MHC class I-presented lung cancer-associated tumor antigens identified by immunoproteomics analysis are targets for cancer-specific T cell response

Vivekananda Shetty, Gomathinayagam Sinnathamby, Zacharie Nickens, Punit Shah, Julie Hafner, Lisa Mariello, Shivali Kamal, Gordana Vlahovic', H. Kim Lyerly, Michael A. Morse, Ramila Philip

Research output: Contribution to journalArticlepeer-review

Abstract

The development of potent cancer vaccines for common malignancies such as lung cancer requires identification of suitable target antigens. We hypothesized that peptide epitopes naturally presented by MHC class I molecules on the surface of cancer cells would be the most relevant targets. We used LC/MS/MS analysis and identified 68 MHC class I-presented peptides from lung cancer cells. Using the criteria of strong consensus for HLA-A2 binding and relevance of the source proteins to malignant phenotype, we selected 8 peptides for functional characterization. These peptides, with a range of binding affinities, were confirmed to stabilize HLA-A2 molecules and were used to activate peptide-specific CTLs that efficiently recognized lung tumor cells. No correlation between the transcript levels of the source proteins and the extent of peptide-specific T cell recognition of lung cancer cells was observed. Furthermore, the peptide specific CTLs failed to recognize HLA-A2+ normal lung cells despite expression of the mRNA encoding the source proteins from which the peptides were derived. We conclude that MHC class I associated peptide epitopes are a more relevant source of authentic tumor antigens than over-expressed proteins and the identified peptides may be used as antigens for therapeutic vaccine strategies to treat lung cancer.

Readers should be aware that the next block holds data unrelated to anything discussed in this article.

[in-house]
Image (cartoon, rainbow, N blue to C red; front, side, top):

Original languageEnglish (US)
Pages (from-to)728-743
Number of pages16
JournalJournal of Proteomics
Volume74
Issue number5
DOIs
StatePublished - May 1 2011

Keywords

  • Epitopes
  • Immunoproteomics
  • Immunotherapy
  • Lung cancer
  • Mass spectrometry
  • QRT-PCR

ASJC Scopus subject areas

  • Biophysics
  • Biochemistry

Fingerprint Dive into the research topics of 'MHC class I-presented lung cancer-associated tumor antigens identified by immunoproteomics analysis are targets for cancer-specific T cell response'. Together they form a unique fingerprint.

Cite this